Dividend investing remains a popular strategy for long-term investors. If you can identify quality growth stocks with attractive dividend yields and solid financials, you can generate massive wealth by reinvestment of these quarterly payouts as well as capital gains.
You can allocate dividend stocks to your Tax-Free Savings Account (TFSA). This registered account is a popular one among Canadians as any withdrawals in the form of dividends or capital gains are exempt from Canada Revenue Agency taxes. We can see that the TFSA is an ideal account for dividend stocks.
The TFSA contribution limit for 2020 is $6,000, while the cumulative contribution room is $69,500. Here, we look at five Canadian companies that have grown dividends for several years and are well poised to continue to do so in the upcoming decade.
Canadian Utilities has grown dividends for 47 consecutive years
Canadian Utilities (TSX:CU) is a domestic giant and a diversified energy infrastructure company. Canadian Utilities stock is trading at $34.8, indicating a forward yield of 5%. It has increased dividends for 47 consecutive years, the longest streak among Canadian companies.
If you bought 1,081 CU shares back in 2000 worth $10,000 you would have generated $486.5 in annual dividends that year. This figure would have risen to $816 in 2010 and $1,882 in 2020.
Further, due to capital gains, your investment would be worth over $36,000 today, after excluding dividend reinvestments. You can see how dividend growth companies have the potential to create long-term wealth.
The company generates 95% of sales from regulated utilities and the rest is from contracted assets, making a dividend cut unlikely. CU has survived multiple recessions and its rate-regulated business ensures a predictable income stream across economic cycles.
In the last 20 years, Canadian Utilities stock has grown at a compound annual growth rate of 6.6% while its dividends have risen by 7%.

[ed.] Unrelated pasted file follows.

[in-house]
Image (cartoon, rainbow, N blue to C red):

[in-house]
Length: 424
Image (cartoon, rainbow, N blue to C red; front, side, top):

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Another dividend giant is Fortis
Fortis is another Dividend Aristocrat that has increased dividends for 46 consecutive years. Its dividend yield stands at 3.6% and the utility heavyweight has increased dividends at an annual rate of 6.8% in the last five years. Utility stocks such as CU and Fortis remain top bets in a market that is uncertain and volatile.
Two energy behemoths in Enbridge and TC Energy
Companies in the energy sector have been decimated in the recent past. Stocks such as Enbridge and TC Energy are trading significantly below their 52-week highs. The slump in crude oil prices due to oversupply coupled with lower demand amid the pandemic has energy stocks trading at a cheap valuation and attractive forward yields.
Enbridge stock has a forward yield of 7.7%, TC Energy’s yield stands at 5.4%. The two pipeline companies generate a significant portion of EBITDA via fee-based contracts and are somewhat immune to commodity prices, making them safe bets in the current scenario.
Canadian Western Bank has a yield of 4.9%
The last stock on this list is Canadian Western Bank. Its shares are trading at $23.6, which is 35% below its 52-week high. The stock’s forward yield is 4.9% after the company increased quarterly dividends to $0.29 per share.
Canadian Western Bank has increased dividends for 27 consecutive years while in the last five years, dividends have risen by 6.7% annually.
In case you allocate $6,000 each in these five stocks, you can generate close to $1,600 in annual dividend payments.
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This article represents the opinion of the writer, who may disagree with the “official” recommendation position of a Motley Fool premium service or advisor. We’re Motley! Questioning an investing thesis — even one of our own — helps us all think critically about investing and make decisions that help us become smarter, happier, and richer, so we sometimes publish articles that may not be in line with recommendations, rankings or other content.
The Motley Fool owns shares of and recommends Enbridge. The Motley Fool recommends FORTIS INC. Fool contributor Aditya Raghunath has no position in any of the stocks mentioned.